‘Be careful what you wish for’:Bob Stoops on the current state of college football and NIL

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While the move to allow players to earn income off of their name, image, and likeness wasn’t a popular one in all circles, the sentiment when it first passes state legislatures was that it was long overdue and a good thing for the athlete in college athletics.

They’d be able to earn income by doing autograph signings or advertising for companies, things that were punishable infractions prior to the NIL era. What it’s turned into, however, isn’t what was intended.

Spencer Rattler getting a couple of cars for doing appearances at a local car dealership or talking about the dealer on his social media pages, that was the intention of NIL. Players in programs getting opportunities.

Over the last 10 months, it’s become something more than that. Texas and Texa A&M have used NIL in their recruiting efforts. The Aggies had the top recruiting class in the country and arguably in the history of modern recruiting. And Texas had NIL deals ready and waiting for offensive linemen who committed to the Longhorns.

A bigger issue revealed itself late last week and over the weekend as it was reported that Biletnikoff award-winning wide receiver Jordan Addison of Pitt was offered $3 million to enter the transfer portal and then go to USC. He wasn’t even in the portal yet and someone was attempting to lure him away from the Panthers.

There are a host of problems, but the Addison situation is what’s really sparked conversations over the last few days. In his weekly call with “The Rush” on 94.7 The Ref in Norman Tyler McComas and Teddy Lehman talked with Bob Stoops about the ever-changing landscape of college football and the impact of NIL.

“The bottom line, be careful what you wish for,” Stoops said. “It’s totally different than what we’ve been used to. My opinion, we need a new leadership group. The NCAA and the way it’s been has really failed overall. Who goes by rules anymore and how they enforce it just seems so ambiguous. Look at Oklahoma State and their basketball program and what happened to them and so wrong… And then other teams, nothing happens to them. I’m not pointing fingers at anyone, it happens in football too. I’ve been very disillusioned for a long, long time on the NCAA. Just through my football years and how they enforce things or don’t.”

The NCAA’s inconsistent approach to infractions has long been a discussion in collegiate athletics. They seemingly pick and choose when they want to investigate possible violations and how they apply the rulebook when infractions are found or even self-reported as in Oklahoma State’s case.

The lack of leadership from the NCAA on how to handle NIL is a big reason for the state of college football. Though they’re trying to put the cat back in the bag, it may be too late for them to do anything meaningful. In a story from Ross Dellinger of SI, the powers that be in college football are looking to enact a resolution that would reinforce the understanding that boosters are extensions of the university and potential violations could be met with disciplinary action. But many wonder if the NCAA would be up for any legal action the boosters or the universities take in response to any infractions levied.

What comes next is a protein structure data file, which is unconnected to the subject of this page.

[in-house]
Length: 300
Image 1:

The response from the universities in this will be interesting to follow over the next decade. Coaches have already hinted at the idea that the big names in college football are likely to create it’s own league sometime in the next two decades. And Bob Stoops is the next to mention it as a way to combat the NCAA’s lacking leadership.

“Maybe we need to have a new league of Power Five teams that have their own league and their own commissioner and governing board,” Stoops shared with The Rush. “From afar, it looks like right now nobody has control of anything. It’s just have at it. I don’t know if that’s ever good. Even the NFL has rules, restrictions, guidelines, salary caps, all of that. Right now, I don’t know if college football has any of that, so have at it.”

Oklahoma and Texas joining the SEC and Nebraska going to the Big 10 a decade ago were landscape-changing moves for college football. Blue blood programs moving away from traditional rivalries to cement their place with two of the best conferences in college football. And it wouldn’t be surprising to see further realignment take place after the dust settles over the next few years.

As college football teams attempt to navigate the new world order of college football, something has to change. This isn’t what NIL was intended to be for the student-athlete. But until the NCAA does something about it, athletes, “have at it.”

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